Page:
Neil Dasgupta: For decades now, we’ve known that lithium metal is sort of, you know, one of our ambitious goals to replace graphite, because of those energy density benefits. But we haven’t really gotten there. We still don’t have a full understanding of when, where and why they actually grow.
Kerri: Neil’s team is among the many groups working to understand how these dendrites grow so they can stop them. In this video, I’ll tell you about a team at Pacific Northwest National Lab that’s examining how dendrites grow. And then I’ll point out two strategies that are being developed to impede these pesky structures.The researchers at PNNL used a transmission electron microscope to record the growth of lithium dendrites inside a custom-made electrochemical cell. They watched as lithium formed a clump on the surface of the anode, then suddenly sprouted into a needle-like column, which the researchers call a whisker. The team first recorded how dendrites grew—or didn’t grow—in different gases. Then the researchers tested more realistic conditions—liquid electrolyte solutions. The experiments revealed how changing the electrolyte could potentially reduce dendrite growth.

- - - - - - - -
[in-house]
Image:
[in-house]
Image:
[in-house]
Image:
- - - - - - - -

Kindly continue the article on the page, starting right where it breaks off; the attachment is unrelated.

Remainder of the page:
C&EN’s battery master Mitch Jacoby has the scoop on those findings; I’ll put a link to his article in this video’s description.
The PNNL team also measured how the lithium whiskers responded to pressure. One of the electrochemical cell’s electrodes was the arm of an atomic force microscope. This arm let the scientists measure the forces that made the whiskers bend and buckle. Scientists could use this information to develop films that physically block dendrite growth. Remember how I said we’d talk about strategies to stop dendrites in their tracks? Adding a barrier film is one of them. But there’s still room for improvement, so some researchers are taking the idea a step further. A team at the University of Michigan designed a barrier that suppresses dendrite growth not just by physically blocking them, but also by altering the conditions around dendrite tips where growth is concentrated.